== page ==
TOKYO—Japan’s exports posted their biggest jump in over a year in January while imports shrank, as the yen’s sharp fall and the nation’s powerful manufacturing industry helped the country deal with a weak domestic economy.
Exports for the month grew 17% from a year ago, data released by the Ministry of Finance showed Thursday. Imports decreased 9%, marking their biggest fall in more than five years, as the price tag for inbound shipments of crude oil was dramatically smaller.
The trade balance came to a deficit of ¥1.18 trillion, marking the 31st straight month of shortfalls. But that was 58% less than the trade deficit the country logged in January 2014.
Japan tends to post larger trade deficits in January, when exporters typically are away from the market.
While the headline figure was a positive development, there is no guarantee exports will continue to rise in this fashion. “The global economy faces the prospect of subpar growth, notwithstanding a boost from the recent drop in oil prices,” said Naoyuki Shinohara, deputy managing director of the International Monetary Fund, in Tokyo Wednesday.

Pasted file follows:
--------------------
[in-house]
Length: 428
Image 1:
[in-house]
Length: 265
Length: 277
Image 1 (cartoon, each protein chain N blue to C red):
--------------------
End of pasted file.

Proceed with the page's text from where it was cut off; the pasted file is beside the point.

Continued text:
Japanese exporters have been helped by a sharply weaker yen and strong demand for electronics components from rapidly growing Chinese smartphone makers. Demand has also been strong from the U.S., whose economy has been growing at a faster-than-expected pace in recent quarters.
Exports of semiconductor parts to Asia surged 27% and auto exports to U.S., where demand for pick-up trucks is growing on the back of falling gasoline prices, jumped 14%.
Japan’s gross domestic product data, released Monday, also confirmed these trends. Exports grew 2.7% in the fourth quarter of 2014 from the previous three-month period, or an annualized pace of 11%.